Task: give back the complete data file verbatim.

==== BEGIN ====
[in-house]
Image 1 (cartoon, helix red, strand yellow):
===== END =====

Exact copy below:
[in-house]
Image 1 (cartoon, helix red, strand yellow):